A man has been arrested on suspicion of flying a consumer drone close to planes as they prepared to land in Tel Aviv. The 21-year-old was held after footage was posted to YouTube and shared on Facebook and Twitter.

Israeli reports say that he has been put under five days of house arrest and the police have confiscated a drone and mobile phone while they carry out further investigations.
Israel’s Transport Ministry described a “disturbing and serious incident”.

The YouTube posting suggested the drone had been flying as close as 90ft (27m) to the passenger aircraft. However, the suspect was later quoted on the Hebrew-language Israel Today news site as saying that the true distance had been more than three times that figure.

The video, which is still online, states a Mavic Pro drone was used to capture the footage of aeroplanes making their final descent to Sde Dov airport. In some cases, the planes appear to be the same altitude as the drone. In others, the jets are closer to the sea.

The video also appears to show a man, filmed from above, controlling the drone while seated outside a bar. The edited material was uploaded to YouTube on Thursday and shared on other social media the same day. It has since clocked up more than 70,000 views, with many of the resulting comments criticising the film-maker’s “stupidity” and saying that viewers had reported it to the local authorities.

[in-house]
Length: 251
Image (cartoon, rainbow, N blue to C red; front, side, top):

DJI – the Chinese-maker of the Mavic Pro – has also condemned the filming.

“We stand ready to assist national aviation authorities as they investigate a recent wave of photos and videos showing clear and intentional lawbreaking in ways that pose real danger to manned air traffic,” it said in a statement.

DJI said its drones came equipped with software that should prevent them flying within five miles (8km) of Sde Dov airport unless the feature had been disabled. Consumer drones are an increasing headache for airport operators across the globe.

Earlier this month, Gatwick Airport, near London, had to close its runway and diverted flights after a UAV (unmanned aerial vehicle) was spotted close by. The Australian Transport Safety Bureau is investigating a suspected midair collision between a drone and a light aircraft near to Adelaide. Research by Cranfield University into aircraft-drone collisions indicates they need not be fatal but lithium-ion batteries used by UAVs mean they can pose a greater threat than bird strikes.